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How to Buy a Website

December 4th, 2008 by shawn · 11 Comments


How to Buy a Website

If you’re an online entrepreneur, you might realize that you need multiple streams of income to significantly make money online. Just like having multiple hooks in the water increases your chances of catching something when fishing, having multiple websites increases your chances of making some money via the internet.

This blog is but one of many online ventures I have, and it basically relies on AdSense to make a few bucks each month. But it’s not a real money-maker. I have a few sites that are far uglier and far less interesting…but far more profitable. In fact, I would never sell them or the domain names – because they are established money-makers for me.

Which brings me to today’s topic. What if I bought other people’s websites in order to increase my online portfolio? There are some interesting reasons for doing so…

  • The owner might not have time to maintain his site
  • The site might be one of many sites the owner has, and he wants to clean house
  • The site might not have been profitable for the owner
  • The owner might have simply grown tired of keeping up with the site
  • The owner might have moved on to other vertical markets (niches) and wants to sell off certain sites
  • The owner might have tried making money with the site, but simply didn’t know how

There are many possible reasons why someone might sell their web site – just like with any business. Your job, as the prospective buyer, is to buy smart and buy something that can make you money. You might not know how to get there though…so here are some things to ask when considering purchasing someone else’s website…

Why are they selling?

This is the first thing you need to find out. What reason do they have for trying to dump a website onto the market? Is there something wrong with the site? Or, is there something else going on with the site owner? It can make a huge difference in how you bargain for the site when you are discussing the price with the owner. If they need to sell due to some outside factor, they might be a “motivated seller” and you might get a great deal. Or, they might have created the site solely with the goal of selling – and you are being set up! Another possible reason they might be selling is that they were doing some unethical promotional techniques for their site, and got de-indexed by Google. (Awwww…boo-hoo!) There are all sorts of possibilities – in your favor or against you – so you must find out why they want to sell and what is prompting them to put their site on the market. Be wary of the “profitable, established” sites for sale on eBay. Be wary of people who are asking ridiculous pricess for a “so-so” website. Why are they selling…and how did they arrive at their asking price? Find out. (The value of a site is only what a buyer is willing to pay, by the way…there is no formula for calculating a site’s intrinsic price value.)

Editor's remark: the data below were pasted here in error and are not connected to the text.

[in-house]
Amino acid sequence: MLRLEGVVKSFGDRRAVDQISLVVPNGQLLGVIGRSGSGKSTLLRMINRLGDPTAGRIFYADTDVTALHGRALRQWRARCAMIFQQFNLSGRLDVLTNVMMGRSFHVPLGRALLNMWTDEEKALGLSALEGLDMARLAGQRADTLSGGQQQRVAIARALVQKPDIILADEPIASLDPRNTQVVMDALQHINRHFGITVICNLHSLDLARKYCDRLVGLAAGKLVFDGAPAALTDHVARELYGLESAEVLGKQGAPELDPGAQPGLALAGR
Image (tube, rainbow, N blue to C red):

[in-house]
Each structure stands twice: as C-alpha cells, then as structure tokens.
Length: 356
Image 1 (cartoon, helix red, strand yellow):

What is the state of the site?

This ties into my last point, in that you must investigate the site’s state of health before even considering a purchase. Whether the site is indexed or not is one issue. Also, you’ll want to find out how the site ranks for it’s main keywords – is it in the top 10 or 20 results, or is it off the radar for Google searchers? What does the traffic look like for this site, and how long have the numbers held up? I would personally ask to see their server stats as well as their Google Analytics or StatCounter numbers. (Preferably I would want access to log in and look for myself, but most people are gonna want to send you screen shots probably.) Hey, if you’re going to pay them money – perhaps a lot of money – for a property, you need to have access to look around first. It’s only reasonable. You should also check the PageRank, the backlinks, and if the site sells something you should get the stats on their sales. You should look at the age of the site. How long has it been around? Look at the archives of the site. How long has it looked the way it does? Oh…and look at the actual coding of the site too – is it sloppy, or well-coded? These things matter to a smart buyer.

What is the ROI for the site?

You’re not in this business because it feels good or because it’s helping change the world. You’re trying to make some cash. If you’re an affiliate marketer like me, you might sell everything from stupid blankets that people wear like Jedi robes (have you seen these hideous things?) to cell phones for the elderly (named after a dance they used to do back in the olden times) to other stuff you might actually be interested in yourself. I sell web hosting, domain registration, vintage pin-up images, SEO software, ummm…”plant seeds”, baby and toddler clothing, trendy t-shirts (you know, like da college kids wear), books, DVDs…you name it, I’ve probably tried selling it via an affiliate program at least. But all I’ve ever cared about is pretty much one thing: is this campaign or site or product converting? And, how much money am I making? For the things that are profitable, I keep ‘em. For things that are dead – I abandon them, and if a domain name is involved I turn off automatic renewal and let it expire (in most cases). I believe every site should pay for itself, and if that means I make a measly few bucks with AdSense and that’s all…well, fine. But I want to know how much a site makes. If it’s ZERO, it’s worthless. So…I said all that so you make sure and find out how much money the site will pay you. You don’t necessarily have to get rich off the site, but you should see a return on your investment within a reasonable amount of time. So let’s say the seller wants $1200 for their site, and the site sells propeller beanies for $10 each. You look at their sales records, and see that they sell an average of ten per month. The numbers are consistent, and there have been two years of records. Based on those numbers, you can feel pretty confident you’ll pay for the site in a year, and then it’s all profit. Make sense? You need to see the ROI and know how long it’s gonna take to pay for the site.